SewerAI uses AI to spot defects in sewer pipes

Climate change is increasing the risk, frequency and cost of sewer failures. Floods are becoming more frequent, causing backups that often overwhelm wastewater treatment systems. To make matters worse, America's infrastructure is seriously outdated. The EPA estimates that nearly $700 billion in investments will be needed over the next 20 years just to maintain existing sewer, stormwater and other drinking water systems.

Matthew Rosenthal and Billy Gilmartin, both of whom come from the wastewater treatment industry, saw an opportunity to use technology to solve the problem—at least on a small scale. Five years ago, the pair co-founded SewerAI, which uses AI to automate the data collection and defect flagging required during a sewer inspection.

“Most infrastructure was built after World War II and is now reaching the end of its useful life, resulting in more frequent failures and higher costs,” Rosenthal told TechCrunch. “SewerAI is revolutionizing underground infrastructure inspection and management with its AI-driven software-as-a-service platform.”

SewerAI began as a side project for Rosenthal. After co-founding two wastewater analysis and services companies, he began taking online courses on AI. While experimenting with AI models to predict sewer damage in inspection videos, Rosenthal enlisted the help of Gilmartin, who was working at a wastewater inspection company at the time.

Photo credits: ChannelAI

Today, SewerAI – whose customers include municipalities, utilities and private contractors – sells cloud-based, AI-powered subscription products designed to simplify on-site inspections and data management of sewer infrastructure.

One of these products, Pioneer, allows field inspectors to upload inspection data to the cloud and flag issues—data that project managers can then use to plan repairs to pipes. Another tool, AutoCode, automatically flags inspections of pipes and manholes and creates 3D models of infrastructure from video captured with a GoPro or other camera.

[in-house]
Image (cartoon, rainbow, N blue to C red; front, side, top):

“The incumbents offer on-premise or on-truck software that has seen little innovation in the last 20 years,” said Rosenthal. “SewerAI's technology increases revenue and profits by enabling more inspections per day at a lower cost.”

SewerAI is not alone in the emerging market for AI-powered pipe inspections. The company's competitors include Subterra, which maps, analyzes and predicts problems with pipelines; ClearObject, which offers software that analyzes pipe inspection footage for damage; and Pallon, which develops algorithms to detect potential problems in sewers from still images.

ChannelAIPhoto credits: ChannelAI

What sets SewerAI apart, Rosenthal says, is the quality of its data — particularly the quality of its model training data. Rosenthal says SewerAI has footage of inspections of 135 million feet of pipe from municipalities and independent contractors. While it's only a fraction of the 6.8 billion feet of sewer pipe in the U.S., it's a large enough dataset to train a competitive defect-detection AI, Rosenthal says.

“Our products streamline field inspections and data management, enabling customers to proactively manage infrastructure rather than react to emergencies,” Rosenthal said.

SewerAI's selling point convinced investors like Innovius Capital, which, along with others, invested $15 million in SewerAI's latest funding round, bringing SewerAI's total raised to $25 million. The money will be invested in launching, training AI models, hiring employees, and expanding SewerAI's product portfolio beyond inspection tools.

“SewerAI continues to grow and we are seeing increasing demand for our platform as we enable people to achieve more with their existing budgets. This has led to us closing our first seven-figure contracts,” said Rosenthal.

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